labelformat(str)Specifies the label format of the output. #stat# is replaced with the statistic: #Stat# for titlecase, #STAT# for uppercase, #stat:pretty# for a custom replacement; #sourcelabel# for the source label and #sourcelabel:start:nchars# to extract a substring from the source label. The default is (#stat#) #sourcelabel#. #stat# palceholders in the source label are also replaced.
labelprogram(str)Specifies the program to use with #stat:pretty#. This is an rclass that must set prettystat as a return value. The program must specify a value for each summary stat or return #default# to use the default engine. The programm is passed the requested stat by gcollapse.
autorename[(str)]Automatically name targets based on requested stats. Default is
nogreedyUse slower but memory-efficient (non-greedy) algorithm.
types(str)Override variable types for targets (use with caution).
moving stat. Relative observation range for moving statistics (if not specified in call). E.g.
window(-3 1)means from 3 lagged observations to 1 leading observation, inclusive. 0 means up to or from the current observation; window(. #)
andwindow(# .)` mean from the start and through the end, respectively.
interval(#[stat] #[stat] [var])With
range stat. The interval for range statistics. Since each range statistic can specify its own interval and variables, this is only used for range statistics that don't specify an interval.
cumsum. Sort options for cumsum variables that don't specify their own.
+/computes the cummulative sum in ascending or descending order (of the variable to be cummulatively summed).
+/ varnamecomputes the cummulative sum in ascending or descending order of
varnamefirst and then in ascending or descending order the variable to be cummulatively summed. That is,
(cumsum) x (cumsum + z) y, cumby(-)computes the cummulative sum for
xin descending order, since
cumsumwas specified by itself, but for
yin ascending order of
z y, since that was specified in its individual call.
shift. Specify lag or lead if not specified in the command call. That is, if
shift +/-#is requested, then this is ignored. But if only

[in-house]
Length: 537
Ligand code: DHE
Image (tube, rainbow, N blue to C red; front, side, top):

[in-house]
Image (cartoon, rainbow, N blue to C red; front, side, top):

shiftis requested, then the lag or lead specified in
rank. How to break ties for
rank. With multiple targets, specify one common method for all targets or one method per target, using
.for non-rank targets. (E.g. If requesting 5 statistics, the 2nd and 4th being rank, use
ties(. unique . default .)). By
default, observations with the same value are assigned their average rank. With
field, the rank is 1 + the number of values that are higher, without correcting for ties. With
track, the rank is 1 + the number of values that are lower, without correcting for ties. With
unique, the rank is 1 to # of values, with ties broken arbitrarily;
stableuniquedoes the same but ties are broken by the order values appear in the data.
(Note: These are common to every gtools command.)
compressTry to compress strL to str#. The Stata Plugin Interface has only limited support for strL variables. In Stata 13 and earlier (version 2.0) there is no support, and in Stata 14 and later (version 3.0) there is read-only support. The user can try to compress strL variables using this option.
forcestrlSkip binary variable check and force gtools to read strL variables (14 and above only). Gtools gives incorrect results when there is binary data in strL variables. This option was included because on some windows systems Stata detects binary data even when there is none. Only use this option if you are sure you do not have binary data in your strL variables.
verboseprints some useful debugging info to the console.
bench(level)prints how long in seconds various parts of the program take to execute. Level 1 is the same as
benchmark. Levels 2 and 3 additionally prints benchmarks for internal plugin steps.
hashmethod(str)Hash method to use.
defaultautomagically chooses the algorithm.
bijecttries to biject the inputs into the natural numbers.
spookyhashes the data and then uses the hash.
oncollision(str)How to handle collisions. A collision should never happen but just in case it does
gtoolswill try to use native commands. The user can specify it throw an error instead by passing
gstats transform applies various statistical transformations to
input data. It is similar to
gcollapse, merge or
gegen but for
individual-level transformations. That is,
gcollapse takes an input
variable and procures a single statistic;
gstats transform applies a
function to each element of the input variable. For example, subtracting
Every function available to
gstats transform can be called via
gegen. Further, note that while not every function will use weights
in their computations (e.g.
shift ignores weights in the actual
transformation), if weights are specified they will be used to flag
acceptable observations (i.e. missing, zero, and, except for
negative observations get excluded).
rank with weights
It's most natural to think about frequency weights, but other weights are allowed (non-integer weights can be used at the user's discretion).